The only rule: Entries must remain open source. 

“Our purpose is not to build a high-end printer that will compete with $20,000 printers,” Grinstein said during a tour of the lab in Tel Aviv. “Our objective is that you’ll have Israelis from all over the map understanding what is a 3-D printer, building one, designing stuff, participating — and those who take to it will eventually become the leaders and the entrepreneurs.” 

Experts at the Reut Institute aren’t the only ones to warn of the potential downfall of startup nation, if access to modern technology and cutting-edge education does not become available at all levels of Israeli society. A recent Google Israel study, whose results were published by Israeli newspaper Haaretz, found that “in the last decade, an unacceptable gap has developed between the integration of ICT [information and communications technology] into all aspects of life and the reality in Israeli schools, and between Israeli schools and those in the other countries.” 

To meet this challenge, the Reut Institute is working with schools and other learning institutions across Israel to set up 3-D printing labs within existing structures, with financial help from city governments. The lab in Bat Yam, for example, is a collaboration with the Branco Weiss School for At-Risk Students. “The students really responded to the machines,” Keidar said, “and to this method of using their hands.” 

Reut hopes to reach every level of Israeli society by setting up 3-D labs in unlikely places, such as the low-income kibbutz town of Kiryat Shmona, the heavily Arab town of Sakhnin, the heavily Orthodox town of Tsfat — even one day in Ramallah in the West Bank.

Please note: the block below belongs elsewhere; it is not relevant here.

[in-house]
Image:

“The [economic] model of the Israeli government failed to deliver on the pledge that growth will trickle down, so our challenge is to generate inclusive growth — growth that includes all the population,” Grinstein said. 

At Reut’s Tel Aviv location, that dream is having growing pains. At the first Maker’s Academy graduation, of almost a dozen participants, Grinstein noted that no women were present but was proud that about 20 percent of graduates were in the racial minority.

“Next time, if we still have 100 percent males in the graduating class, it will be a problem,” Grinstein said. He explained that in order for women — especially religious women — to be attracted to the XLN, “they need to trust the environment.” 


These nameplates were produced by pupils at the Branco Weiss School for At-Risk Students during their first course in 3-D printing.

Reut is also fighting fears that the 3-D revolution could be more of an apocalypse. The sexiest controversy of the 3-D printing era, both in the United States and Israel, has been the big 2013 reveal that the printers can print gun parts that would otherwise require a license to buy in a store. Cody Wilson, a Texas law student, opened up a fiery debate about the future of tech crime this spring when Forbes published proof that his 3-D-printed firearms were fully functional and downloadable from the Internet. Although he has since removed the code for the gun from his Defense Distributed Web site, it is by now hosted on countless other sites — perfect proof that lawmakers can’t fight open-source sprawl and will need to find new ways of policing the products of the 3-D era. 

In Israel, this July, Channel 10 news reporter Ori Even sneaked a plastic, 3-D-printed pistol into parliament and pointed it at Prime Minister Benjamin Netanyahu while a TV crew filmed his trembling hand. The controversial report proved that in security-obsessed Israel, officials must race to fit policy around the future of technology. 

Leaders at Reut said that although 3-D-printed weapons pose a major regulatory challenge for lawmakers, any new realm of technology will have a dark side — and the institute’s mission is to “focus on the good, and the opportunity.” 

The future of Israel as a global economic leader could depend on it. 

“This is about the fundamental learning that Israel’s society and economy need to go through in order to survive and thrive in a world of self-manufacturing,” Grinstein explained, pointing to a dizzying graph of the startup-nation model that had been left up on a dry-erase board in the Reut offices. 

“Our vision here is not just 3-D printing, not just a network of communal technological spaces — our vision is Israel leading the coming industrial revolution.”